"Our sense of wonder grows exponentially; the greater the knowledge, the deeper the mystery."

-- E.O. Wilson

Web scienceontap.blogspot.com

Wednesday, May 12, 2010

3 For Your Money

Synchronicity of sorts: I've been reading several books simultaneously lately, including Dr. Francis Collins' most recent offering, "The Language of Life." Then yesterday while in the halls of a local Federal Government research lab I looked up and THERE was Francis Collins walking through on a site visit!

Because three of the disparate books (they have nothing in common) I'm reading are SO good (all in the "A" to "B" range) I think I'll just go ahead and mention them now, possibly doing fuller reviews later:

1. "From Eternity To Here" is Caltech physicist Sean Carroll's 2010 book on cosmology, and specifically the nature of time (this is not BTW Sean B. Carroll, the biologist of same name and popular writer of evolutionary biology books). Carroll writes one of the most popular science blogs on the Web ("Cosmic Variance"), and if you know and enjoy his writing there, you will almost certainly enjoy this volume. I had actually read some mixed reviews of the book on the internet so have been pleasantly surprised at just how good it is. I think the more negative reviewers may simply disagree with the theoretical positions Carroll is staking out; I am more interested in how well he communicates complex but interesting notions to a lay audience (whether or not one agrees with those notions) and think he does a very admirable job of that (but this is not a book for newbies to cosmology; you do need some background). Of the three books I'm mentioning in this post this is the most technical and hardest read, but it looks to be worth it, assuming some interest in cosmology, and the focus on time is a different slant than a number of other similar works.

2. "The Language of Life" is Francis Collins' (head of the Human Genome Project, and now Director of NIH) 2010 account of the current state of human genetics' knowledge and application, and it is as good and balanced an introduction for the interested lay reader as I've seen to one of the most important, life-altering arenas of science today. Collins mixes scientific explication with instructive anecdotal examples to yield a very understandable, readable review of current day genetics (spelling out both the hopes and serious issues at-hand, and without the frequent hype, nor alarm, of some other writers); again, a book I was pleasantly surprised by. This volume will have the widest audience of the three I am mentioning here, and I especially recommend it to those who haven't paid much attention to what is happening in the field of human genetics, and what the (very near) future may bring (...and with the recent announcement that personal DNA kits will go on sale at Walgreens Drugstores, possibly the timing for reading Collins' book couldn't be better).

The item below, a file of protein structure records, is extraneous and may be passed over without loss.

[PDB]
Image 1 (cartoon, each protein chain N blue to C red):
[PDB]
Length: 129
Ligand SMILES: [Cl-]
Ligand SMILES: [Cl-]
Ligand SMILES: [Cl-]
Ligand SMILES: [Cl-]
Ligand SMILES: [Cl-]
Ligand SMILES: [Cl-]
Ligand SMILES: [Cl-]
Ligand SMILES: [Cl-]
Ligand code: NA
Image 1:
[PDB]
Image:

3. "Beyond the Hoax" is physicist Alan Sokal's 2008 follow-up (a compendium of various pieces he had written or delivered) to the famous hoax he pulled off in 1996, submitting a spoof/parody paper (of nonsense) to a professional journal "Social Text" and having it accepted for publication! (to the later chagrin of the editors). This was a fascinating, scandalous academic story at the time, and his rich followup to all that transpired, and what it means, is both deep and intense... this is actually MY favorite of the three volumes mentioned here, BUT it is definitely NOT for everyone... in fact I dare say most readers will find it a yawner of sorts, as it reads more like a college textbook than an offering for the lay reader. It deals with the underpinnings of science, knowledge, epistemology, and philosophy, all of which are of particular interest to me, but probably not to most readers, who prefer reading about the application of science, as in the other two works above. Among Sokal's topics are "postmodernism," "social constructionism of science," scientific methodology, "cognitive relativism," pseudoscience, and religion, and though there is a fair amount of repetitiveness in the pages, there are also rich and subtle ideas that may only be appreciated upon careful re-reading. I actually think Sokal's own support for scientific empiricism may be just a tad over-stretched, but still enjoy seeing him argue the case for it anyway, while relentlessly trying to put some of the fuzzy thinking that attempts to pass for science in its place.

In short, for the general lay science reader I most recommend the Collins book which deals with issues/concerns more directly pertinent to a great many readers' lives, but if you have an especial cerebral penchant for either physics or philosophy than the Carroll or Sokal books (respectively) look to be excellent... though to-be-sure, none of these are summer beach-reading material.

No comments: